If you cripple the economy, you cripple the healthcare system. Virginia hospitals lost roughly $200 million from the prolonged shutdown of elective surgery. Some hospitals have the financial wherewithal to survive. Others don’t, particularly rural hospitals. Beyond that shutdown, which Northam finally ended, we have to worry what happens when hundreds of thousands of Virginians lose their jobs. How many will lose their company-provided insurance? Even if they get picked up by Virginia’s expanded Medicaid program, what is the financial impact on hospitals from shifting a couple hundred thousand workers from profitable private insurance patients to unprofitable Medicaid patients? Moreover, what is the difference in the quality of healthcare provided by private insurance and Medicaid for the patients?
Speaking of Medicaid, how much Medicaid can the state afford if the tax base shrinks by 26% long-term?
Virginia can walk and chew gum at the same time. The idea that we must combat the virus before addressing the economy is based on the flawed premise that it’s an either/or situation. We can combat the virus and accelerate the reopening of the economy. For example:
- We can more rapidly reopen the economy in regions where the virus is spreading slowly, particularly in western Virginia.
- We can focus resources on controlling outbreaks (10 or more infections in the same location) in higher-risk settings such as nursing homes, correctional facilities, schools, colleges, and entertainment venues rather than in low-risk settings such as… hiking trails and the beachfront.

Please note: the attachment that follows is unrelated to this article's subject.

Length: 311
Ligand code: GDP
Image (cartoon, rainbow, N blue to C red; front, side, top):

- We can count on the elderly and medically vulnerable to continue maintaining social distancing voluntarily.
- We can count on business enterprises to adopt measures — plastic screens at checkout counters, continual cleaning, maintaining social distancing, employees wearing face masks — that will significantly reduce the spread of the virus.
- We can continue maintaining the restrictions that provide the most bang for the buck, so to speak, such as restricting large-scale gatherings.
There is no such thing as zero risk. It is impossible for state government action to exterminate the COVID-19 virus. The name of the game is weighing and balancing risks. Northam is focusing on reducing one set of risks stemming from the virus. Meanwhile, his actions increase the risks associated with devastating the economy, laying waste to the health care system, and undermining the financial strength of not only state and local governments, but universities, port and airport authorities, mass transit systems, housing authorities, economic development authorities, and a host of other institutions.
We can always scale back. If we accelerate the return to normalcy and the virus begins spreading more rapidly than before, and the price paid gets too high, we can always re-calibrate and re-introduce restrictions where they are most needed.
Frankly, I find the Governor’s philosophical position to be indefensible. When all the numbers come in — not just the COVID-19 statistics, but the economic data, the job loss numbers, the tax-revenue numbers, the hospital finance numbers, the mental health numbers, the non-COVID mortality numbers — we could well find that the unnecessarily prolonged shutdown did far more harm than good.
James Bacon is the publisher of baconsrebellion.com